Reading and Writing Science….
22 November 2018
Although obviously aimed at secondary school teachers (the clue is in the name!) the EEF’s Guidance Report Improving Secondary Science makes for interesting reading for primary practitioners- especially those who work in upper key stage two. Many of the recommendations build on the skills and knowledge developed in primary schools; none more so that recommendation 6 – develop scientific vocabulary and support pupils to read and write about science. As this recommendation explains, to become competent in the language of science pupils need to be able to comprehend, analyse and interpret texts and use the language of science to explain ideas and construct evidence-based explanations. It is important that pupils have the opportunity to engage with authentic scientific books and texts, but it can be a challenge to find appropriate materials, written by scientists, with a younger audience in mind. The challenge is to present the ideas in a clear and accessible way, but maintain the structure and format that is typically found in scientific papers and articles. Below are a few of easily available (and often free) sources of articles and reports, written with a younger audience in mind.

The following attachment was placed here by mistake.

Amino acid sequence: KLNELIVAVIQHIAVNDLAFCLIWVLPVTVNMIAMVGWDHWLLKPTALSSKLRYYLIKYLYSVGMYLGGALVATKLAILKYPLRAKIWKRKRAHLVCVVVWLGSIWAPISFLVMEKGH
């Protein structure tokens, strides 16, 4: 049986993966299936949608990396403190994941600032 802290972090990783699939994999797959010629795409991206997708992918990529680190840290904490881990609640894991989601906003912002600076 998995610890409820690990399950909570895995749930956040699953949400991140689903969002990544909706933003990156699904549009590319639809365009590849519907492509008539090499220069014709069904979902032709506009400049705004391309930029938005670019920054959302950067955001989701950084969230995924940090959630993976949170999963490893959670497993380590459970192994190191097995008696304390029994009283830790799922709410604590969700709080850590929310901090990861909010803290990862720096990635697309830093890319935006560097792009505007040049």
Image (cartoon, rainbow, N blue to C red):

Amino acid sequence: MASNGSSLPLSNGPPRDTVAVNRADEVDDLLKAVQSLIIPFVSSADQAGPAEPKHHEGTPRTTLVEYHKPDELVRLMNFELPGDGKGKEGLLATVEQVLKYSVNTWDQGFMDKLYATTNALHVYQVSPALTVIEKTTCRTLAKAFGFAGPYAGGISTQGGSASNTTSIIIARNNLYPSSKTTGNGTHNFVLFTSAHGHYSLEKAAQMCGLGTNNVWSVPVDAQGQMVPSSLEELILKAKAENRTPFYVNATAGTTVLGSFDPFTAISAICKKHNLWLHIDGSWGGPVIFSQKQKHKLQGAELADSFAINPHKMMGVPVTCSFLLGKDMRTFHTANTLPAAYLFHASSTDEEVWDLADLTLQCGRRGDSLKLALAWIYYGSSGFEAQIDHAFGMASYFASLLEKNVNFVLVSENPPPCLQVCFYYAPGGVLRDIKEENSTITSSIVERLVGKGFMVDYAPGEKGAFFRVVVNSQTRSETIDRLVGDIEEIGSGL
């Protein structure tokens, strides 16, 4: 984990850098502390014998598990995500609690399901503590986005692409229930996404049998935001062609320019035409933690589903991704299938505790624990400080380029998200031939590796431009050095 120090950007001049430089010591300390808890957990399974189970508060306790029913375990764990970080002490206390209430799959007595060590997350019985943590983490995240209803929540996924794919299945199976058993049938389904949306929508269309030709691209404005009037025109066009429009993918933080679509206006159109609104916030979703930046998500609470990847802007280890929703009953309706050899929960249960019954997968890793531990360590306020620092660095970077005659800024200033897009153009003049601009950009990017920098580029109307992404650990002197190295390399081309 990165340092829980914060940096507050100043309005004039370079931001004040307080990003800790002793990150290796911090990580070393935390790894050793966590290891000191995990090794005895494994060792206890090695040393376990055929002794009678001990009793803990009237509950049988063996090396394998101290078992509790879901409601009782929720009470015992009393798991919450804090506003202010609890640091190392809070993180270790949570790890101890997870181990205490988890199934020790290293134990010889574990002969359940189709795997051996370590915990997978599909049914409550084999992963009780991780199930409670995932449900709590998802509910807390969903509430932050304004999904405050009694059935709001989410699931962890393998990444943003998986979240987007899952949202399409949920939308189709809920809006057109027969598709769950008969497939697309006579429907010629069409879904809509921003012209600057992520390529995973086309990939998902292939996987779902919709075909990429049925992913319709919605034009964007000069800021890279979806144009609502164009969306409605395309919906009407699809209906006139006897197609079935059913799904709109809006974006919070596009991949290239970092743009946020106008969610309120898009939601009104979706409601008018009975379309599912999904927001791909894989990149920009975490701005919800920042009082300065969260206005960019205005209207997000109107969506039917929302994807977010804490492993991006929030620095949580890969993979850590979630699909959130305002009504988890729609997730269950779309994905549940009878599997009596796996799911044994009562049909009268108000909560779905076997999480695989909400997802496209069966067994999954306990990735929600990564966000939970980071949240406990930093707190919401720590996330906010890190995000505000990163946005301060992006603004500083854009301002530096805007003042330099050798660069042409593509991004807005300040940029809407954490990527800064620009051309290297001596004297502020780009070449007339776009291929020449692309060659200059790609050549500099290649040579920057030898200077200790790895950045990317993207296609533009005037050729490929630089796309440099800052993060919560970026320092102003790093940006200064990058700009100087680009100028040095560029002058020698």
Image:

Frontiers for Young Minds
A great free online journal, packed with articles from an editorial board filled with children.
The Week Junior, and their new publication Science and Nature
Excellent for current affairs, topical articles from around the world and a wide selection of articles about science and nature
Science News for Students
From the USA, a wide range of STEM topics, shared in a number of different ways: news stories, features, explainers, invention and innovation, and how to get into research
Kids National Geographic
Great magazine with a fab website too.
There is sure to be something in these to excite and enthuse any primary classroom about science and the fascinating things we can learn.Posted on 22 November 2018
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